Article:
Do you know how your new car should be towed? Hauling away a late-model automobile is a lot different from towing an aging Plymouth Fury or '72 Buick.
If you're driving an economy car that was built after the mid-'70s, for instance, you should be wary when choosing a tow service. Not all tow-truck operators are familiar with the proper way to lift today's vehicles.
An improperly towed car can be severely damaged if the tow-truck operator doesn't know what he's doing.
Small cars today usually include an increasing percentage of lighter materials, such as aluminum and plastics. They also use more precise engineering (which means less rugged construction).
A few thousand miles after a tow, you may discover that the front wheels are out of alignment. Or even more drastic, some cars end up with buckled fenders, and in a few cases windows pop out of their frames. Often, some of the front-end plastic as well as the air dams get crushed beyond repair.
The American Automobile Association (AAA) is particularly concerned with problems associated with poor towing techniques. For the last 10 years, the triple-A has published its ''Vehicles Towing Manual,'' a collection of diagrams and photographs which describe the proper use of conventional sling-type tow equipment on most cars now in production.
A towing service that uses the manual, or one like it, is probably eager to do the job right. Some cars, however, cannot be safely towed by the sling, especially imports.
An alternative to the sling is a flat-bed truck, although there are some disadvantages to this method as well. If the car is fastened improperly to the truck bed, the car's frame can be subjected to abnormal loads as the truck bounces down the road. Also, ramp trucks usually need at least 35 feet of clearance to get a car onto the bed, an impossible situation in most urban areas.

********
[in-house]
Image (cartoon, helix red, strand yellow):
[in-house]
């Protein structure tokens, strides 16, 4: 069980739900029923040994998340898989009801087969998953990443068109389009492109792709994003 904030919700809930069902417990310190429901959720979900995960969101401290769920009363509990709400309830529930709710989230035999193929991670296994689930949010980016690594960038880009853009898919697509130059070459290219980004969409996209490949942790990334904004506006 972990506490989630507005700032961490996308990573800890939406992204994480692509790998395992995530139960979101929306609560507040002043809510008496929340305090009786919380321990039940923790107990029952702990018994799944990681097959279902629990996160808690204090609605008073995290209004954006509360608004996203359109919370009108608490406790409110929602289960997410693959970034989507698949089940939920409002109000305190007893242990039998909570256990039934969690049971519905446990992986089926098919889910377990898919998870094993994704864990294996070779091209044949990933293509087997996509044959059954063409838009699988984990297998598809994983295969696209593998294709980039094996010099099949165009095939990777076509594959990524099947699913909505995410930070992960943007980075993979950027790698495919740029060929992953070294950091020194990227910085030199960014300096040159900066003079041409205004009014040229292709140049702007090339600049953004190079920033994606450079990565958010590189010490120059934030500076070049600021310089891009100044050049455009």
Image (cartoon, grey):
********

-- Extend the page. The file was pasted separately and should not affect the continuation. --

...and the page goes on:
Second, a tow truck with wheel-lift equipment can do the job - that is, if you can find a service station that has such equipment. Some carmakers claim this is the only way to tow a car properly. Europeans have used the wheel-lift method almost as long as they have had tow trucks.
Basically, wheel-lift equipment carries the car by either the front or rear tires so that the vehicle is supported by its own suspension. Because the weight of the car is being supported solely by the wheels, there is little danger of damaging the the plastic accessories, bumpers, or frame.
The Petersen Scoop, a wheel-lift device built in Florida, offers several advantages over conventional equipment.
Shaped like a football goal post, the easy-to-use Petersen Scoop has a two-pronged fork on the end of a pole. Once the fork ends of the scoop are positioned around the tires of the car, a steel rod is inserted behind each tire to form a cradle. As the scoop is lifted, the tires drop into place inside the cradle, with the car's weight supported by the wheels at the axle.
As added security, straps can be looped over the top of the tire and fastened to the forks to prevent the tires from rolling or bouncing out of their seating. Hydraulic cylinders, controlled from either inside or outside the cab, permit the scoop to be pivoted in almost any direction.
A further advantage of the scoop, as well as other wheel-lift devices, is that it can pull cars from tight parking spots.
The triple-A, however, has some misgivings about the system, warning that the weight distribution on the tow truck is unfavorable and can even be unsafe. Further, the lifts are initially more expensive than sling-type devices and removing cars from an accident scene can be difficult if the truck is fitted with only wheel-lift equipment.
''The road-service industry,'' asserts John Fobian of the AAA, ''is very slow to accept new ideas,'' adding that it will take at least another 10 years before wheel-lift equipment is fully accepted by the industry.